Amazon is dramatically ramping up its production for next year, moving forward with three new high-concept series, Variety has learned. These new efforts represent a significant production investment from the studio, which is currently in preproduction, production or post on 67 TV series and 20 movies around the world.
The streaming service is developing the following:
• “Lazarus,” based on a comic book by Greg Rucka (“Marvel’s Jessica Jones”), is set in an alternative near future, where the world has been divided among 16 rival families, who run their territories in a feudal system. Each family has allies and enemies among the other families. To crush uprisings and fight wars, most families have a Lazarus: a one-person kill squad.
Rucka serves as writer and executive producer on “Lazarus,” along with Michael Lark (“Captain America: The Winter Soldier”) and Angela Cheng Caplan.
• “Snow Crash,” which is based on Neal Stephenson’s cult novel, is a one-hour science fiction drama set in futuristic America. In reality, Hiro Protagonist delivers pizza for Uncle Enzo’s CosoNostra Pizza Inc., but in the Metaverse he’s a warrior prince. Plunging headlong into the enigma of a new computer virus that’s striking down hackers everywhere, he races along the neon-lit streets on a search-and-destroy mission for the shadowy virtual villain.
A co-production with Paramount Television, “Snow Crash” is executive produced by Joe Cornish (“Ant-Man”) and Frank Marshall (“Back to the Future”).
• “Ringworld,” a co-production with MGM, is based on Larry Niven’s sci-fi book series from the 70’s. It tells the story of Louis Gridley Wu, a bored man celebrating his 200th birthday in a technologically-advanced, future Earth. Upon being offered one of the open positions on a voyage, Louis joins a young woman and two aliens to explore Ringworld, the remote artificial ring beyond “Known Space.”
In an internal email to Amazon employees, studio head Roy Price said that he’s feeling “bullish” about what’s in store for 2018 and 2019. “The biggest takeaway is that once again, our overall content investment is increasing, which will allow us to continue to meet customer demand around the world for high quality and engaging programming,” he wrote.
On Amazon’s slate for the rest of 2017 are: “Lore,” a horror series based on the hit podcast, produced by Gale Anne Hurd, which debuts Oct. 13; “Marvelous Mrs. Maisel,” from Amy Sherman-Palladino and Dan Palladino which bows in December, alongside “The Grand Tour.”
Next year brings Carlton Cuse’s “Jack Ryan,” which stars John Krasinski; Matt Weiner’s “The Romanoffs,” with Isabelle Hupert, Christina Hendricks, and Aaron Eckhardt; and Julia Robert’s first TV series, “Homecoming,” from Sam Esmail (“Mr. Robot”).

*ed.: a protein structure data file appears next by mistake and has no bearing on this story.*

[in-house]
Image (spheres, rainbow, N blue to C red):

Also in production is “Carnival Row,” a fantasy noir series which stars Orlando Bloom and Cara Delevigne and produced by Rene Echevarria, which starts shooting in Prague this week.
Amazon’s untitled David O. Russell project (Price’s memo called the scripts “great”) — with Julianne Moore and Robert De Niro — starts shooting next year. He also praised Paul Attanasio’s “Tong Wars” scripts for Wong Kar-Wai as “truly fantastic.” “I know that WKW is going to bring a fascinating world to life with a unique aesthetic and in an exciting and emotional way,” Price wrote.
In development are pilots with Greg Daniels; Barry Jenkins’ “Underground Railroad”; “The Boys” with Seth Rogen and Evan Goldberg written by Eric Kripke from the awesome Garth Ennis comic; “Black America” with Aaron Magruder and Will Packer; “The Nix” with J.J. Abrams and Meryl Streep (novel by Nathan Hill); “Black Power” with John Singleton; “The Cosmopolitans” with Whit Stillman; “Starsky & Hutch” with James Gunn.
Price’s memo highlighted recent overall deals with Robert Kirkman, Sharon Horgan, Amy Sherman-Palladino and Dan Palladino. “Talent is the most important thing,” wrote Price.
He also addressed the behind-the-scenes drama on “Goliath,” saying “‘Goliath’ has faced rumors of tumult, but Billy Bob Thornton won the Globe for Best Actor, and the shooting scripts and dailies for season two are looking great,” he wrote.
The new programming push comes three weeks after Variety reported exclusively on a mandate from Amazon founder Jeff Bezos for Price’s Amazon Studios to make a dramatic shift in priorities for series development, with an increased focus on event and genre projects with the potential to draw large audiences worldwide, and less emphasis on naturalistic dramas and comedies. As part of that shift, Amazon canceled two freshman dramas, “Z: The Beginning of Everything” and “The Last Tycoon.”
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